- August 3: Capt. Thomas S. Baldwin demonstrated the first successful US dirigible at Oakland, California, flying the airship in a circuit.
- September 20: Wilbur Wright completed the first circular flight at Huffman Prairie, near Dayton, Ohio.
- October 5: The Wright brothers’ Wright Flyer III, the first practical airplane, flew for more than half an hour near Dayton, covering almost 24 miles.
- October 9: The Wright brothers wrote to the US War Department, describing their new flying machine and offering it for sale to the Army. Misunderstanding the offer as a request for funds to conduct invention research, the Board of Ordnance and Fortification turned them down.
- May 22: The US Patent Office issued a patent on the Wright brothers’ three-axial airplane-control system.
- August 1: The Army’s Signal Corps established a new Aeronautical Division under Capt. Charles deForest Chandler to take charge of military ballooning and air machines.
- December 23: Brig. Gen. James Allen, chief signal officer, issued the first specification for a military airplane. It called for an aircraft that could carry two people, fly at a minimum speed of 40 miles per hour, go 125 miles without stopping, be controllable for flight in any direction, and land at its takeoff point without damage.
- January 21: The Signal Corps announced a specification for an Army airship. It called for an aircraft that could fly for two hours, carry two persons, and maintain a minimum speed of 20 miles per hour.
- February 10: The Wright brothers and Capt. Charles S. Wallace of the Signal Corps signed the first Army contract for an airplane.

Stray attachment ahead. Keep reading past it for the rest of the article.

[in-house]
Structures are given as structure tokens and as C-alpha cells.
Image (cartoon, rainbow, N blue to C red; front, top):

- February 24: The Army signed a contract with Capt. Thomas S. Baldwin for a government airship at a price of $6,750.
- April 30: Aviation enthusiasts in the 1st Company, Signal Corps, New York National Guard, organized an “aeronautical corps” to learn ballooning-the earliest known involvement of guardsmen in aviation.
- May 14: Charles Furnas became the first airplane passenger when he rode aboard an aircraft flown by Wilbur Wright at Kitty Hawk.
- May 19: Lt. Thomas E. Selfridge flew an airplane called the White Wing, designed by F. W. “Casey” Baldwin, thus becoming the first Army officer to solo in an airplane.
- August 28: After flight tests at Fort Myer, Virginia, the Army accepted Army Dirigible No. 1 from Capt. Thomas S. Baldwin.
- September 3: Orville Wright began flight tests of the Wright Flyer at Fort Myer.
- September 17: Lt. Thomas E. Selfridge of the Army became the first US military member to die in an airplane accident when he crashed with pilot Orville Wright during a flight test at Fort Myer. A propeller split and broke a wire supporting the rudder. The accident delayed Signal Corps acceptance of an airplane for almost a year.
- July 27: Orville Wright, with Lt. Frank P. Lahm as passenger, performed the first official Army flight test at Fort Myer. They flew for over an hour, meeting one of the specifications for a military airplane.